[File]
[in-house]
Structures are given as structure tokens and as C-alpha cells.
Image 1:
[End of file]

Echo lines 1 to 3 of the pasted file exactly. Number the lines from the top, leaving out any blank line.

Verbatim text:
[in-house]
Structures are given as structure tokens and as C-alpha cells.
Image 1: